Councilman Toney Thomas told the Council that there had been several complaints about dirt left in the street by the contractor doing the water line installation on 2nd. Avenue. A city employee told the council that he had told the contractor to clean up, but that it is the responsibility of Harmon Engineering to supervise the work. Councilwoman Blasingame commented that, in a meeting, the contractor had emphasized that they would keep the area clean.

Councilman Ellis asked how many applications had been received for the vacant Fire Chief position. He was told that four applications had been received, and he suggested that the Council proceed to evaluate the four candidates and make a selection. The Mayor said that he would look into the matter.

Councilwoman Blasingame stated that there would be Trick or Treat on Main Street on October 13, from 4 to 5 PM, and also that there would be an event from 5 to 8 at the Alfa Building. The LaFayette Sun and Dori Harmon have challenged all downtown property owners to decorate for Fall. Councilwoman Blasingame then asked about the status of the items remaining from the surplus sale. City Clerk Davidson said that the City was working with two companies to help with the sale, one for the cars, and one for the other items.

The council voted to pay bills totaling $689,131.65.

A tax holiday for Severe Weather Preparedness was approved as Ordinance No. 456, for February 21-23, 2020. The purpose of the tax holiday is to encourage citizens to purchase supplies and equipment that might be needed as a result of severe weather.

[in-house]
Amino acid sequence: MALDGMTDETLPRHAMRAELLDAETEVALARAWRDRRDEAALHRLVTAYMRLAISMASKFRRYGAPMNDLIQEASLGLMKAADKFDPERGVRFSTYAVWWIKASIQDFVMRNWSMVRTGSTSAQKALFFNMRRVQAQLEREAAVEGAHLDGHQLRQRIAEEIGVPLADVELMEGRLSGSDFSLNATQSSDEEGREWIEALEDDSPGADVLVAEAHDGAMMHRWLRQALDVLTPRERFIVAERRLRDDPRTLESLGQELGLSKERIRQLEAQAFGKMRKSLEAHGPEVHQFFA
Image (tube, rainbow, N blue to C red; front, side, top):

The Council accepted a bid for supplying sodium hydroxide to the Water Treatment facility for the 2019-2020 fiscal year.

Two nuisance properties were brought before the Council for a second time because the time extension granted in the August 12, 2019 meeting for undertaking repairs has expired. The first was Daniel McClain – 218 6th Avenue SE, LaFayette, AL, Parcel # 12 12 06 13 3 005 009.000, and the second, Lionel & Nancy Pittman – 6th Avenue SE, LaFayette, AL, Parcel #12 12 06 13 3 005 010.000. City Attorney “Mac” Tucker informed the Council that the grounds of both properties had been cleaned, but that nothing had been done to the buildings. Both were declared a nuisance.

Four Cemetery deeds were approved, three in Handy Cemetery and one in LaFayette Cemetery. In Handy Cemetery: Deed No. 1519 to Hugh Bledsoe, Deed No. 1521 to Yolanda Pearson, and the transfer of Cemetery Deed No. 1526 from Annie Mae Bledsoe to Hugh Bledsoe. The single LaFayette Cemetery Deed No. 1527 was conveyed to Jason Odom.

At this point, Councilman Thomas informed the Council that a very old cemetery had been discovered while cleaning the grounds behind the Community Center on 1st SE, and he urged the City to maintain the grounds. City Attorney Tucker commented that Judge Milford had researched this cemetery, and he recalled that it was the First Baptist Church Cemetery. (A few years back, volunteers working on beautification of the city attempted to clean up the Community House property including this cemetery, but were told not to by the City, because the City was not sure where the property lines are located.)

The Mayor closed with a reminder to the citizens, asking to remember in their prayers the Kardoes employees who now face an uncertain future.